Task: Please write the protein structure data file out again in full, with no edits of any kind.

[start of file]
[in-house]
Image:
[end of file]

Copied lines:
[in-house]
Image: